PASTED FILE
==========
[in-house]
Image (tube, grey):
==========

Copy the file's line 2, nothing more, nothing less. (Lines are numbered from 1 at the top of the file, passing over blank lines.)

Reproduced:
Image (tube, grey):